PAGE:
Will More Mobile Operators Dare to Share?
Unstrung Insider chief analyst Gabriel Brown suggests that Vodafone and Orange are likely to set up a network operations company. He says that generally, the mobile industry is moving toward a servco/netco business model, in which the wireless world would be split between service providers and network operators. (See Time for a Mobile NetCo?.)
According to Brown's latest Unstrung Insider report, once operators commit to RAN sharing, it makes sense to create a new company to oversee the operation.
Through the agreement with Orange, Vodafone says it expects to save 20 to 30 percent over several years on combined 2G and 3G opex and capex. "What they're trying to do is really ambitious," says Brown. "There are quite a lot of dependencies on the equipment. In theory the equipment can support it, but it still has to be done."
Vodafone and Orange, which have 17 million and 15 million customers in the U.K., respectively, aim to combine their new and existing RANs and will also consider RAN sharing on their 2G networks. But the operators will maintain independence and responsibility for traffic management and service quality on their own networks.
The two operators will share the passive infrastructure, which includes the masts, antennae, site support cabinet, and power supply. They will also share the transmission links and the radio access equipment. But they will not pool frequencies or share transceivers.
Vodafone España S.A. and Orange Spain signed a similar agreement in Spain in November 2006, but that deal only covered new 3G sites with fewer than 25,000 inhabitants. Together they will deploy 5,000 radio sites during the four-year deal. The operators are also considering 2G RAN sharing and possibly decommissioning existing sites.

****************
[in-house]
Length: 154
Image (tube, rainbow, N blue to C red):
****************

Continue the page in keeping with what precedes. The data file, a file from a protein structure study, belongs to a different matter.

Perhaps the most significant network sharing deal in terms of scale and the impact on vendors will be the one between Bharti Airtel Ltd. (Mumbai: BHARTIARTL) and Vodafone Essar in India. In February, the operators signed an agreement to share passive infrastructure, involving 70,000 towers. The operators also want to share RANs and the Telecom Regulatory Authority of India (TRAI) recently ruled in their favor to allow this. (See Vodafone Completes Buy.)
Vodafone says the deal could result in savings of $1 billion during the next five years and contribute 1.5 percent to its EBITDA margins.
Among the equipment vendors, Nokia Networks and Alcatel-Lucent (NYSE: ALU) have been the most supportive of RAN sharing. While in theory network sharing reduces the size of the vendors' market, the reports finds that it is too early to assess whether the impact on vendors will be positive or negative.
— Michelle Donegan, European Editor, Unstrung
The report, RAN Sharing: Cutting the Cost of Mobile Broadband, is available as part of an annual subscription (12 monthly issues) to Unstrung Insider, priced at $1,595. Individual reports are available for $900. To subscribe, please visit: www.unstrung.com/insider.